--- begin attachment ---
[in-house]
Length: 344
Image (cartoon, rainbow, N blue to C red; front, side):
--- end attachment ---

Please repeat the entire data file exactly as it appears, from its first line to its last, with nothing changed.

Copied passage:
[in-house]
Length: 344
Image (cartoon, rainbow, N blue to C red; front, side):